On Tuesday, North Carolina was hit by a line of powerful thunderstorms and left the people at risk of flash flooding and a possible tornado.
“The primary severe hazard on Tuesday afternoon will likely be damaging wind gusts over 60 mph as thunderstorms move through Georgia,” warned a weather reporter.
The weather forecasting team warned about the possible flood flash in parts of the Atlanta metro as the vigorous thunderstorms move across north and central Georgia Tuesday and the potential for a tornado threat in South Georgia.
The expected portions of north and central Georgia include southern Cherokee County, northern Clayton County, Cobb County, DeKalb County, north-eastern Douglas County, Fulton County, and central Gwinnett County.
Doppler radar shared his resolute predictions about the case. He said there might be rainfall between 1.5-3 inches in north Georgia on Tuesday. Additional rainfall amounts of 0.2-0.5 inches are possible in the expected areas of North and Central Georgia. Flash flooding is ongoing or expected to begin shortly.
Few places that will see flash flooding include Atlanta, Marietta, Douglasville, Lawrenceville, Canton, Decatur, Jonesboro, Sandy Springs, Roswell, Johns Creek, Alpharetta, Smyrna, Dunwoody, East Point, Milton, Kennesaw, Duluth, Woodstock, Acworth, and Forest Park.
Considering the threatening situation, a flood warning has also been issued for Proctor Creek near Atlanta, affecting Fulton County, Peachtree Creek near Atlanta, affecting DeKalb and Fulton counties, Big Creek in Alpharetta, and Crooked Creek near Norcross.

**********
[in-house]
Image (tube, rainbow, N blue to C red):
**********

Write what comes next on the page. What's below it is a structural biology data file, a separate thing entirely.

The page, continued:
Besides, the authorities have also issued Toronto watches for parts of Georgia until 7 p.m. Tuesday, mostly south of Macon. The issued watch included threat information about wind, hail, and Toronto.
The National Weather Service has also announced the chance of widespread showers and thunderstorms will spread across north and central Georgia Tuesday morning and will dawdle into the evening. The thunderstorm may be accompanied by lightning, gusty winds, and heavy rainfall.
The primary severe hazard will be immense hail during the morning hours. It might turn into terrible wind gusts up to 60 mph in the afternoon. Followed by one or two tornadoes are also possible.
Moreover, the thunderstorm raises the risk of flooding and flash flooding of creeks and streams. The team shared more showers and scattered thunderstorms through the area on Wednesday afternoon.
“With the increasing threat for severe thunderstorms tomorrow & Wednesday, know the difference between a Watch and Warning and know where your go-to safe place is!” the US weather service tweeted.
The expected threats are some strong to severe storms capable of producing damaging wind gusts and large hail, possible brief tornadoes, flooding, and flash flooding, especially in areas that received heavy rainfall on Tuesday.
Alex Forbes, a meteorologist in Macon WMAZ, tweeted by sharing the photos of the damage from the suspected tornadoes in that area earlier this afternoon, “From Marcelle Bridgeman in Crawford County: Destroyed chicken house and shed on Hollis Rd in Crawford County. Also, substantial damage to Cooley Farms on Hwy 128 out of Roberta, GA,” he wrote.
Gov. Brian Kemp tweeted in response to Tuesday’s storms that his office has been in close contact with several of Georgia’s first responder teams.
“As reports continue to come in, my family’s thoughts and prayers are with all who have been impacted,” he wrote.